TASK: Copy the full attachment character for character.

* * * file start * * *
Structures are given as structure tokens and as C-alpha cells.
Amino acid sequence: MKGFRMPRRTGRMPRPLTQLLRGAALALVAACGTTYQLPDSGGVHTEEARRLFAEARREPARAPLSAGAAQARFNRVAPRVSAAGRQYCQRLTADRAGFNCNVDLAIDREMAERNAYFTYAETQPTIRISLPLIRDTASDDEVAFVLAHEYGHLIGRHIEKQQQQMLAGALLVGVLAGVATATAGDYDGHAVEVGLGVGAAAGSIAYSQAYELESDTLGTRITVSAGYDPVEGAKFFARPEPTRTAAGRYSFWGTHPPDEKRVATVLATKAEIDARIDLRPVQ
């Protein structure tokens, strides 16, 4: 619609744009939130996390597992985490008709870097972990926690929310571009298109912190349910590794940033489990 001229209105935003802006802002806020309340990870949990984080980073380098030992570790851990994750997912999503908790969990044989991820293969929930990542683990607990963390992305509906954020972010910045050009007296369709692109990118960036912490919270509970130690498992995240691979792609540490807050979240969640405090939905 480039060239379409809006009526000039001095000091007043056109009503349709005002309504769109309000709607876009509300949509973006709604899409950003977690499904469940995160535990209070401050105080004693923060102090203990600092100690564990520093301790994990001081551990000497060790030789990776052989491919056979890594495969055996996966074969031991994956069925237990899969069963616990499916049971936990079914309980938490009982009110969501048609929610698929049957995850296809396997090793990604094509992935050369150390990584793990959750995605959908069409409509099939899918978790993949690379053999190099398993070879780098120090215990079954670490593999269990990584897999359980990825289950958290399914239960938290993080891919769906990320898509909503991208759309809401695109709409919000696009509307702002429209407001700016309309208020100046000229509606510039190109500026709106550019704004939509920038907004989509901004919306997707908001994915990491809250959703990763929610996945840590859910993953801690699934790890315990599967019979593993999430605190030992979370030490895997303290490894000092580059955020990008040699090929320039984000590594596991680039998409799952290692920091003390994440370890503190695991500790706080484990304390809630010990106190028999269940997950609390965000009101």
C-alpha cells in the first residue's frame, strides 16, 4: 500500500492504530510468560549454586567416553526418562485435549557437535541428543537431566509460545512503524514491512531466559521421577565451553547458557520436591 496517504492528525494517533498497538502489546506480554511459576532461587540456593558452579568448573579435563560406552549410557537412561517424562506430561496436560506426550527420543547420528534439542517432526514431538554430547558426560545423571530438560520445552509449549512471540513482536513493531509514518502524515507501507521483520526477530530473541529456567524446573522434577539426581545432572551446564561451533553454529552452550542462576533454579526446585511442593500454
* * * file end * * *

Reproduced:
Structures are given as structure tokens and as C-alpha cells.
Amino acid sequence: MKGFRMPRRTGRMPRPLTQLLRGAALALVAACGTTYQLPDSGGVHTEEARRLFAEARREPARAPLSAGAAQARFNRVAPRVSAAGRQYCQRLTADRAGFNCNVDLAIDREMAERNAYFTYAETQPTIRISLPLIRDTASDDEVAFVLAHEYGHLIGRHIEKQQQQMLAGALLVGVLAGVATATAGDYDGHAVEVGLGVGAAAGSIAYSQAYELESDTLGTRITVSAGYDPVEGAKFFARPEPTRTAAGRYSFWGTHPPDEKRVATVLATKAEIDARIDLRPVQ
């Protein structure tokens, strides 16, 4: 619609744009939130996390597992985490008709870097972990926690929310571009298109912190349910590794940033489990 001229209105935003802006802002806020309340990870949990984080980073380098030992570790851990994750997912999503908790969990044989991820293969929930990542683990607990963390992305509906954020972010910045050009007296369709692109990118960036912490919270509970130690498992995240691979792609540490807050979240969640405090939905 480039060239379409809006009526000039001095000091007043056109009503349709005002309504769109309000709607876009509300949509973006709604899409950003977690499904469940995160535990209070401050105080004693923060102090203990600092100690564990520093301790994990001081551990000497060790030789990776052989491919056979890594495969055996996966074969031991994956069925237990899969069963616990499916049971936990079914309980938490009982009110969501048609929610698929049957995850296809396997090793990604094509992935050369150390990584793990959750995605959908069409409509099939899918978790993949690379053999190099398993070879780098120090215990079954670490593999269990990584897999359980990825289950958290399914239960938290993080891919769906990320898509909503991208759309809401695109709409919000696009509307702002429209407001700016309309208020100046000229509606510039190109500026709106550019704004939509920038907004989509901004919306997707908001994915990491809250959703990763929610996945840590859910993953801690699934790890315990599967019979593993999430605190030992979370030490895997303290490894000092580059955020990008040699090929320039984000590594596991680039998409799952290692920091003390994440370890503190695991500790706080484990304390809630010990106190028999269940997950609390965000009101």
C-alpha cells in the first residue's frame, strides 16, 4: 500500500492504530510468560549454586567416553526418562485435549557437535541428543537431566509460545512503524514491512531466559521421577565451553547458557520436591 496517504492528525494517533498497538502489546506480554511459576532461587540456593558452579568448573579435563560406552549410557537412561517424562506430561496436560506426550527420543547420528534439542517432526514431538554430547558426560545423571530438560520445552509449549512471540513482536513493531509514518502524515507501507521483520526477530530473541529456567524446573522434577539426581545432572551446564561451533553454529552452550542462576533454579526446585511442593500454